The novelization of the film contains another by revealing shockingly (a subplot actually filmed but deleted from the movie) that the Air Force had already started projecting the Terminator line and that the T-800's face comes from a Sgt. William Candy from 2004. This could only work if this Skynet and the one from the original duology were one and the same, which they are not, as they were created at different points from different timelines; in the first one, there were no Terminator project before the 1997 Judgement Day, and Arnie's appearance came presumably from a random person from the batches of humans Skynet was using to experiment on. That said human happened to be that timeline's version of William Candy would turn it into a wild Contrived Coincidence, especially because in T3 Candy was apparently a Deep Southerner who happened to be sent to California specifically for the project.
Given the extensive rewriting and reshoots the film suffered, it's little wonder that the final act feels disjointed, in particular the revelation that Skynet had been using Marcus all the time to find and lure John. Prior to that, there was zero indication that Marcus was not simply an escaped experimental subject: in the climax, the machines grant him access to the Skynet base because they recognize him as a pawn of Skynet's plan, but up to that point, all the machines Marcus had found since waking up had been regularly attacking him with clear intention to destroy (including the Harvester Transport that kidnapped Reese, which should have had strict orders not to kill Marcus given that Kyle was part of the same plan). Skynet's Serena Kogan interface even implies that finding Kyle was also part of Marcus' mission, which makes even less sense having in account that their encounter happened actually by sheer luck.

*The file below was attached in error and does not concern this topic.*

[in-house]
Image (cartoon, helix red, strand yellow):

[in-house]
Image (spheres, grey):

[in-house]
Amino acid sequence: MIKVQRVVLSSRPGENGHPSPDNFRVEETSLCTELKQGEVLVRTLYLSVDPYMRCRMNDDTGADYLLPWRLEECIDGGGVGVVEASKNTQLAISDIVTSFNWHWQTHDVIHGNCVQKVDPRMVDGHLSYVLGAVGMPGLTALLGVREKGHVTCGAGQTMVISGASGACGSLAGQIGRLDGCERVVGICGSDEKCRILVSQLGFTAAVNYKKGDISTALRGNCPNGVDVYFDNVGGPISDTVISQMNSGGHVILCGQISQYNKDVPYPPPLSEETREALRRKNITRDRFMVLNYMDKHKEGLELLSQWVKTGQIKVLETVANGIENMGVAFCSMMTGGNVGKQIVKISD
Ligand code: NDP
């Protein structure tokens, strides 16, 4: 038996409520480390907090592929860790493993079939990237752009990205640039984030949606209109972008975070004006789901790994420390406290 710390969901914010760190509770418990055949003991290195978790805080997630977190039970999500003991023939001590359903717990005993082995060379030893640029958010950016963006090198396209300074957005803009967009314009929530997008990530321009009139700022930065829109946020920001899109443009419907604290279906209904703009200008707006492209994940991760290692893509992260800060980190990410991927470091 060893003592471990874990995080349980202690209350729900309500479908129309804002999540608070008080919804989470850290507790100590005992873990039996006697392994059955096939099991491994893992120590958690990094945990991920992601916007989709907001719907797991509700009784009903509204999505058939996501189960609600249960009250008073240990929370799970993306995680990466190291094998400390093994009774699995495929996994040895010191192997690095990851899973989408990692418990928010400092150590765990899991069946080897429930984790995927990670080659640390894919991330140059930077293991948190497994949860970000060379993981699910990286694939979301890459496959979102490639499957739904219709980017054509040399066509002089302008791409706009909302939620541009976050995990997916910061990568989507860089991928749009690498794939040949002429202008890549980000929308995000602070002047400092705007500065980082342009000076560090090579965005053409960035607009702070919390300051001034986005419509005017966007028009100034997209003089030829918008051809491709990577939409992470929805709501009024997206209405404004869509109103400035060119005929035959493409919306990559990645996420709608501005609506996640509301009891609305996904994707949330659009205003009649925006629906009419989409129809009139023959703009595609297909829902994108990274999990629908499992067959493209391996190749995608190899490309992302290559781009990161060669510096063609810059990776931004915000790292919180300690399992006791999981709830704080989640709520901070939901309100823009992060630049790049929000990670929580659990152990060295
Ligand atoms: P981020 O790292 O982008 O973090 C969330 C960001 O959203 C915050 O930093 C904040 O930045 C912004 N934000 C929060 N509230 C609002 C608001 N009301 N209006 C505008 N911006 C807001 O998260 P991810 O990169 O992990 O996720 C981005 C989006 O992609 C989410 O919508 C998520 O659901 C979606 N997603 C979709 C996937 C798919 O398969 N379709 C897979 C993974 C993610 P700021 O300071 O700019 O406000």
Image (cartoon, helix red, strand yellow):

The human resistance now having apparently resources to spare, with all of its members being healthy, well fed, with clearly high morale, and equipped with matching futuristic armors. Flashbacks from the first film showed that their ray guns (which were probably scavenged from destroyed machines) were the only fancy thing about them: their fighters were visibly emaciated, wearing dirty rags and looking like pauper Vietnam vets in their own time. While Salvation justified its own change with the events of T3 resulting in part of the American military infraestructure being saved, there's no similar justification in Genisys.